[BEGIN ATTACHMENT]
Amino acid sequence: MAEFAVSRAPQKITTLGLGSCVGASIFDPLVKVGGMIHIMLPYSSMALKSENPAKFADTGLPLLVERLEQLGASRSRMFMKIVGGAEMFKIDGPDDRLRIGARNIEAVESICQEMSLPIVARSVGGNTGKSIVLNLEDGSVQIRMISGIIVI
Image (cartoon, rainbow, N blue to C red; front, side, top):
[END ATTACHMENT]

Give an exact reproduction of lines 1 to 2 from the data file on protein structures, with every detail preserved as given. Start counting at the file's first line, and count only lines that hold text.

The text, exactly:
Amino acid sequence: MAEFAVSRAPQKITTLGLGSCVGASIFDPLVKVGGMIHIMLPYSSMALKSENPAKFADTGLPLLVERLEQLGASRSRMFMKIVGGAEMFKIDGPDDRLRIGARNIEAVESICQEMSLPIVARSVGGNTGKSIVLNLEDGSVQIRMISGIIVI
Image (cartoon, rainbow, N blue to C red; front, side, top):